Fourth, revitalization tends not to come from those who hold positions of authority and power in an institution. Our leaders, particularly those in our vast bureaucracy, may not be those best able to lead if leadership involves basic, perhaps painful, change. Such persons may use the rhetoric of reform, for most of them like to think of themselves as social activists. An occasional prophetic voice is heard crying in the wilderness of denominational structure. However, in the final analysis most persons in the institutional hierarchy and bureaucracy will find genuine reform too threatening to their present positions and find ways to oppose it either openly or subtly. Change requires redistribution of power, and those who have power want to preserve it. Revitalization will inevitably produce conflict. We know that, in preaching the need for change in our church, we bring not the peace of the status quo, but the sword of innovation.

Fifth, the entire denomination cannot be revitalized by official actions and churchwide programs. We need no new "missional priority" for what we propose here. Revitalization can come only if enough lay members who have no vested interest in the denominational hierarchy and bureaucracy and enough ministers who are willing to risk their minimal vested interest take the necessary bold actions. We already have the structure and the means to change what needs to be changed. In the pages that follow, we shall describe what actions need to be taken for United Methodism to move into its third century as a vital and more effective church.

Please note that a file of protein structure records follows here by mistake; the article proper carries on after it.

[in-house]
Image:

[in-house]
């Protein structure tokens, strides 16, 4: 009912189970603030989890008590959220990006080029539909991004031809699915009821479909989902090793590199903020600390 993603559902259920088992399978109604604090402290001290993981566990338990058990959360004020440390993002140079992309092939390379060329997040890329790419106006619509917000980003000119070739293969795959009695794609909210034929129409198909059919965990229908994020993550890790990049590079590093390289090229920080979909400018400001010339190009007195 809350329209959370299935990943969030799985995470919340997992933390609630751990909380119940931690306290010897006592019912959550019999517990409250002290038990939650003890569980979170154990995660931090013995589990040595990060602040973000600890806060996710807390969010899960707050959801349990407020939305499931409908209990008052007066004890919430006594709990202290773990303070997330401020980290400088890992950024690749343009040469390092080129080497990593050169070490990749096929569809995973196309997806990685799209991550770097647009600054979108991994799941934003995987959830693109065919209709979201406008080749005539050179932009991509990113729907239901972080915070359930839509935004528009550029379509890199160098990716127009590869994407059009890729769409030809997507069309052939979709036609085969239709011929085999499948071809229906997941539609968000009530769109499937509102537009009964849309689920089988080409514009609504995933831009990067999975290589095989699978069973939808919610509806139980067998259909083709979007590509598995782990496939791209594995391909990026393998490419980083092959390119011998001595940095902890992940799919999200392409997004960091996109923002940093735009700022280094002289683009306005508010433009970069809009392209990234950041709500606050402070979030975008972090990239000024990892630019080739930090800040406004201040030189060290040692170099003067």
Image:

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  1. This group formed the Evangelical Church of North America in Portland, Oregon, which now has 127 congregations and over 11,500 members.
  2. Methodist statistics are from the annual editions of the General Minutes of the Annual Conferences of The United Methodist Church (Council on Finance and Administration, Evanston, Ill., 1968-1985). Rates of change have been computed by the authors.
  3. Data provided by the Section on Records and Statistics, General Council on Finance and Administration, Evanston, Illinois.
  4. The Episcopal Church Annual (Wilson, Conn.: Morehouse Barlow Company, 1985), p. 19.
  5. The figures for the denominations, except United Methodist and Episcopal, are from Constant H. Jacquet, Jr., ed. Yearbook of American Churches (New York: Council Press, 1970) and Constant H. Jacquet, Jr., ed., Yearbook of American and Canadian Churches (Nashville: Abingdon Press, 1985). Rates of change have been computed by the authors.
  6. "The Case of the Missing Numbers," Discipleship Trends, vol. IV, no. 4, August, 1986 (General Board of Discipleship, The United Methodist Church).
  7. The financial data for The United Methodist Church are from the Annual Report of the General Council on Finance and Administration of the United Methodist Church (Evanston, Ill., 1970 and 1984).
  8. To control for inflation, the Consumer Price Index was used to convert the funds into 1967 dollars.
  9. Data provided by the Section on Records and Statistics, General Council on Finance and Administration, Evanston, Illinois.
  10. Roy A. Sturm, Methodism's New Churches 1950-1958 (Philadelphia; Department of Research and Survey, Division of National Missions, Board of Missions of The Methodist Church, 1958), p. 1.
  11. Douglas W. Johnson, A Study of New Churches 1966-1984 (New York: National Program Division, General Board of Global Ministries, 1986), p. 2.

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Copyright© 1987 By Abingdon Press